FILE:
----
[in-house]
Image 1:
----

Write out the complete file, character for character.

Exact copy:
[in-house]
Image 1: